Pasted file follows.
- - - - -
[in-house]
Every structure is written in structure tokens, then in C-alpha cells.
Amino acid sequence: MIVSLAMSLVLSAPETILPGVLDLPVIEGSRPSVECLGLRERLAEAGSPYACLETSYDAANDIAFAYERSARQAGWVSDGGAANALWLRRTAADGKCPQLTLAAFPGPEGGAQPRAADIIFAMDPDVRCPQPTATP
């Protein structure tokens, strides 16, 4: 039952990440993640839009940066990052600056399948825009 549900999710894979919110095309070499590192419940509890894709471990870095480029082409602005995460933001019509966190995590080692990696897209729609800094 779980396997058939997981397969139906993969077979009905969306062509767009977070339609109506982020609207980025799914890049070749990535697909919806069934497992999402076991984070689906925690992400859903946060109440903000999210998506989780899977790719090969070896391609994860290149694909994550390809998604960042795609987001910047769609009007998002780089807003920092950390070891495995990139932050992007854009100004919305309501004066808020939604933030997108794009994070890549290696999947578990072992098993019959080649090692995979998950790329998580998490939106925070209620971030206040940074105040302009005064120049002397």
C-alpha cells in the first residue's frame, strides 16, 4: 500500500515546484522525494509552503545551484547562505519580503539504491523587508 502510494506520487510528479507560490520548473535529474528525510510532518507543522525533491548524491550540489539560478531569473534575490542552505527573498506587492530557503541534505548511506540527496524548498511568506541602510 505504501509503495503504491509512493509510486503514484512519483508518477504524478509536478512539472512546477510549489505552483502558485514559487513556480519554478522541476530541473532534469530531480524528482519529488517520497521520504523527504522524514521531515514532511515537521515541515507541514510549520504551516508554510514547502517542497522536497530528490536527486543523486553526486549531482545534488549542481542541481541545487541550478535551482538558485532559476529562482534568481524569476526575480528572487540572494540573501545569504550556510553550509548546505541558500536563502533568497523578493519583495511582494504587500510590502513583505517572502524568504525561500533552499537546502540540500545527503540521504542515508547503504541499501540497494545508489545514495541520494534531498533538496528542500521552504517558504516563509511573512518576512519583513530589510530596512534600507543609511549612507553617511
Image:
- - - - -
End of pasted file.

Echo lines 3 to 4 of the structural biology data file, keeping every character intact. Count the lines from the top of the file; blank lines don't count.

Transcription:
Amino acid sequence: MIVSLAMSLVLSAPETILPGVLDLPVIEGSRPSVECLGLRERLAEAGSPYACLETSYDAANDIAFAYERSARQAGWVSDGGAANALWLRRTAADGKCPQLTLAAFPGPEGGAQPRAADIIFAMDPDVRCPQPTATP
């Protein structure tokens, strides 16, 4: 039952990440993640839009940066990052600056399948825009 549900999710894979919110095309070499590192419940509890894709471990870095480029082409602005995460933001019509966190995590080692990696897209729609800094 779980396997058939997981397969139906993969077979009905969306062509767009977070339609109506982020609207980025799914890049070749990535697909919806069934497992999402076991984070689906925690992400859903946060109440903000999210998506989780899977790719090969070896391609994860290149694909994550390809998604960042795609987001910047769609009007998002780089807003920092950390070891495995990139932050992007854009100004919305309501004066808020939604933030997108794009994070890549290696999947578990072992098993019959080649090692995979998950790329998580998490939106925070209620971030206040940074105040302009005064120049002397």